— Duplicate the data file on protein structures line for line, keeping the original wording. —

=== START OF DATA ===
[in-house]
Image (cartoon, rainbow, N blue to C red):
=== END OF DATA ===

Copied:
[in-house]
Image (cartoon, rainbow, N blue to C red):